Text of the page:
Chuck Berry Statue Approved, Despite Opposition
Rock 'n' roll history buffs, music aficionados and statue-loving citizens can relax now -- a short-lived protest against a proposed 8-foot Chuck Berry statue in his hometown of St. Louis, Mo. has been quieted after the local council rejected the protesters' bid to delay its installation. The statue will soon be a permanent adornment in a public area that acts as a gateway to a row of restaurants, shops and Blueberry Hill, the revered nightclub where Berry still performs to this day.
Francois G. Durand, WireImage.com
The opposition wanted to hold Berry, 84, accountable for crimes that he paid for long ago. While he was convicted of armed robbery as a teenager and tax evasion in 1979, the issue that they had with the rock 'n' roll legend/forefather mostly centered on a 1962 conviction in which Berry was found guilty of violating the Mann Act.
The law, which forbids "transporting a woman across state lines for immoral behavior," generally exists to protect against indentured slavery and prostitution. But, in Berry's case, it was enacted after allegations that he had sexual relations with a young Native American female whom he met after playing a show in Texas in 1959 and then later hired to work at his nightclub, Berry's Club Bandstand -- which was, indeed, across state lines. The girl was fired and then later arrested on an unrelated prostitution charge, which eventually led to Berry's arrest. He was fined $5,000 and served one and a half years on a three-year prison sentence.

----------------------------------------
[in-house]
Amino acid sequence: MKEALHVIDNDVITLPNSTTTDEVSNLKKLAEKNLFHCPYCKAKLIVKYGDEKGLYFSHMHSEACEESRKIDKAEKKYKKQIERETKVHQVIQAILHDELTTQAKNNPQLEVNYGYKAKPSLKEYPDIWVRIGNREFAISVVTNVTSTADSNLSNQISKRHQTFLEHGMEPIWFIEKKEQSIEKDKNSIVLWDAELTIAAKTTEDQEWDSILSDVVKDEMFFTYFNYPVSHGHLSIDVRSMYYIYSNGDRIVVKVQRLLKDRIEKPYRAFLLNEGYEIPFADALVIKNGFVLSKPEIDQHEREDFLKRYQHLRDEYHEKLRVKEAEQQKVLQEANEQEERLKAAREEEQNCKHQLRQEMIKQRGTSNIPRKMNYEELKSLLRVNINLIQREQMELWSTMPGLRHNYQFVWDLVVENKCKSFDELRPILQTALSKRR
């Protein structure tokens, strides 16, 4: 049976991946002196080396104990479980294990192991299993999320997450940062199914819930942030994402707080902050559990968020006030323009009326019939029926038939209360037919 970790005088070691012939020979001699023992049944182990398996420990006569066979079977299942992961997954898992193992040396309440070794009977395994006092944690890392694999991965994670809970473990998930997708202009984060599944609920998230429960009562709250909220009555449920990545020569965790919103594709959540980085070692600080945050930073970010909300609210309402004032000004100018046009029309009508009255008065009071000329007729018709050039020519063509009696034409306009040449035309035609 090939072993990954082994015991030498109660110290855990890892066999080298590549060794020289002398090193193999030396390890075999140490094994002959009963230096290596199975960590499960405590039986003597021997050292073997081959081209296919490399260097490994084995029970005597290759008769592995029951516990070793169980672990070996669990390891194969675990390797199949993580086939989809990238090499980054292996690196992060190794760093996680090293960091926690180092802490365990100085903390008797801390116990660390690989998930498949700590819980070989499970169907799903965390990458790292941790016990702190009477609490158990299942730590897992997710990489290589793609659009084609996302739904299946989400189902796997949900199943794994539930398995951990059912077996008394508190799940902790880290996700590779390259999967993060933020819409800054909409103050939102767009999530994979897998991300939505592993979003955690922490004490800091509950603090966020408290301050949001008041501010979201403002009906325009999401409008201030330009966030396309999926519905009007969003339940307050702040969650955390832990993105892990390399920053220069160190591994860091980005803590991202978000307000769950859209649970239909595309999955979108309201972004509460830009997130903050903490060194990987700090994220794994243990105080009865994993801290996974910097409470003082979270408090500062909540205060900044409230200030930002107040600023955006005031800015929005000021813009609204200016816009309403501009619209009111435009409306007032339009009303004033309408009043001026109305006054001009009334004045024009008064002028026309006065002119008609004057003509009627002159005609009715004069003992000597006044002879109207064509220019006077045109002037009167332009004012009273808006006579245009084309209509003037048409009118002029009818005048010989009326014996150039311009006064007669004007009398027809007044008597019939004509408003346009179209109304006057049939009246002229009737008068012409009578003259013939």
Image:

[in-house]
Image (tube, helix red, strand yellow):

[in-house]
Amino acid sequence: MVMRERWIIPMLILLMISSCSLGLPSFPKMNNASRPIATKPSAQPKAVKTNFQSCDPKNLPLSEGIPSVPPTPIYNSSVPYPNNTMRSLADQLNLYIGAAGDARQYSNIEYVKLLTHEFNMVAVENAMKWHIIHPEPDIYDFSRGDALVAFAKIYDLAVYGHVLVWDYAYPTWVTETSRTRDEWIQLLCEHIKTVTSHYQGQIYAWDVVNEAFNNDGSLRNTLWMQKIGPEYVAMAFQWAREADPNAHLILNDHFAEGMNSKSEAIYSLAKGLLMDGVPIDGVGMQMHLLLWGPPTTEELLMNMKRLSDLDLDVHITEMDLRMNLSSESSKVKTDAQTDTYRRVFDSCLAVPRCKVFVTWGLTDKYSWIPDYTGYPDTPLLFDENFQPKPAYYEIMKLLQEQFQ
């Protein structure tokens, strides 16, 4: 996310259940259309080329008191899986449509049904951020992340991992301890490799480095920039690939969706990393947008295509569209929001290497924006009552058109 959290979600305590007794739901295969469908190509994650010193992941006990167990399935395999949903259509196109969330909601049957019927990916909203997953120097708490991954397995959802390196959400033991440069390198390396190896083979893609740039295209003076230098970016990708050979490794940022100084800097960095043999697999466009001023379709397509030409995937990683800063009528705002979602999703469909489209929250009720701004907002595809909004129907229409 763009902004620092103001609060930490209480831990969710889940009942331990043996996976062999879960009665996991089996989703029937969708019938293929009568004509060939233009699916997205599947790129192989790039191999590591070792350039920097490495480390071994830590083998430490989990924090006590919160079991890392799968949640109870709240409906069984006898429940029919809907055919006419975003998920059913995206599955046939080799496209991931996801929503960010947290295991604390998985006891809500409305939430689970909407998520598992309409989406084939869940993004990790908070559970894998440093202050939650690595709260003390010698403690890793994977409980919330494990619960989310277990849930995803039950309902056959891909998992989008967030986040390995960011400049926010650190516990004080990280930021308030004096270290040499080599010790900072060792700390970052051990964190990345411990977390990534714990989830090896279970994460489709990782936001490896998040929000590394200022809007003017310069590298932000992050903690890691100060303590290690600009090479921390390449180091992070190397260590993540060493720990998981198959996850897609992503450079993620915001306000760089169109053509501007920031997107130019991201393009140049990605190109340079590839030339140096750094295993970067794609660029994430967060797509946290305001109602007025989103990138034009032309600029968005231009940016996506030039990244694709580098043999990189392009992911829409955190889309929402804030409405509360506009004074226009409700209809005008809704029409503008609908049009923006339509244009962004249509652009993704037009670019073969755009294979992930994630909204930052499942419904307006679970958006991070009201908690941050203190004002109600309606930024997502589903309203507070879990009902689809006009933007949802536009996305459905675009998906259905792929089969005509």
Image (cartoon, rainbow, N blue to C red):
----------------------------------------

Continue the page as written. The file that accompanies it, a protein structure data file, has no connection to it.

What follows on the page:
Reuters reports that the statue will be installed later this week, with Berry himself presiding over the dedication ceremony on July 29.
Berry has three songs permanently etched in the Rock and Roll Hall of Fame's 500 Songs That Shaped Rock 'n' Roll' list --